Sullivan County Democrat
O n l i n e  E d i t i o n National Award-winning, Family-run Newspaper
  NEWS ARCHIVES Established 1891 Callicoon, New York  
home  |  archives

Legal Community
Upset By State Police

Nathan Mayberg
MONTICELLO – A New York State Police Decree removing the responsibility of plea bargaining from troopers after they write tickets for traffic violations has caused pandemonium in the legal system and caused new action by state legislators.
Town boards are upset because they will be losing precious revenue, and Sullivan County District Attorney Stephen Lungen says he doesn’t have the manpower to handle the plea bargains, which the new law asks him to do.
Even the troopers themselves are upset. The New York State Police Benevolent Association is opposing the move by their superintendent.
A new bill, authored by New York State Senator John Bonacic, would return the process back to the status quo. Bonacic said the rank and file of the state police have asked for the new legislation, as have district attorneys, judges and municipalities. The bill passed both houses of the legislature nearly unanimously, said Bonacic. New York State Assemblywoman Aileen Gunther has also backed the bill.
At press time, it was learned that Governor Pataki had vetoed the bill. Lungen said he supports the bill, since the state police decree would put 25,000 traffic cases in front of his staff of eight assistant attorneys.
Lungen said there are 36 criminal courts in the county. That would likely mean an increase of 50 more appearances each month for his staff to various courts. Currently, his staff has appearances in twenty courts each week, in addition to its regular county court dealings.
Lungen estimates he would need three more attorneys to handle the new load. With a budget crunch in the county, that is essentially out of the question. The DA called the actions by the State Police administration another “unfunded mandate.”
“It’s impossible to have eight people do all that,” he stated. His office is currently negotiating deals with some lawyers, but his staff does not have the time to appear in court. If there is no plea bargaining, then the case has to go to trial – which means the troopers will have to show up. Bonacic said the rank and file of the state police are upset about the decree because they could end up spending a large portion of the day in court waiting to go to trial.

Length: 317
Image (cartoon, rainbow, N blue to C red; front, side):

Lungen blasted the state police brass for issuing the decree in the middle of a budget year, when there are no funds to deal with the increased responsibility.
No officials from the State Police Superintendent’s office could be reached as of press time. Bonacic said the new system would “paralyze” the justice system. “You are uprooting a system that has worked for forty years,” he stated.
When speeding violations are reduced to non-moving violations, the fine goes to the local municipality where the traffic stop was. If there is no reduction, the fine goes to the state. Bonacic suggested the administration of the State Police may be trying to gain more revenue for itself through the new decree.
Tom Mungeer, the First Vice President of the State Police PBA, who is stationed in Liberty, and who is a lifelong resident of the county, believes state police administrators are trying to save on overtime.
He said the brass is hoping that motorists give on going to trial and send in guilty pleas. But in the short term, Mungeer expects state police to spend more time in courts, going to trial.
Another major issue for Mungeer is the increased tax burden the decree will place on counties such as Sullivan, who cannot afford to hire more district attorneys to prosecute traffic tickets.
In addition, Mungeer said that not all violators of traffic law should be treated equally. Some deserve breaks based on their driving record. “You can’t paint everybody with the same brush,” he stated.
Mungeer said that if Pataki were to veto the new legislation, “the taxpayers will suffer.” Munger said the governor has been feeling a lot of pressure from municipalities, judges, DAs and the State Police union.
“My taxes are high enough… How much more before a man’s legs buckle,” he asked rhetorically.
Currently, he said troopers are appearing in court and going to trial. Some defendants are asking judges for a reduction in penalty, as a way to go around the new decree. But Mungeer said the process is currently bogged down.
Town of Thompson Supervisor Anthony Cellini says his town averages about $180,000 a year in revenue from the traffic stops. He is supporting the new bill, and said the old system is much more efficient.
The senator summed up his opinion of the state police decree as “crazy” and a “bad regulation.”

top of page  |  home  |  archives